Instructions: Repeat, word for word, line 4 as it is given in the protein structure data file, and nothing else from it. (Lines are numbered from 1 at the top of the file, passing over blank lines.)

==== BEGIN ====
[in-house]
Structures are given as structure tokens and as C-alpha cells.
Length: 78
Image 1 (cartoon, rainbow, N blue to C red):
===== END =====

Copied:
Image 1 (cartoon, rainbow, N blue to C red):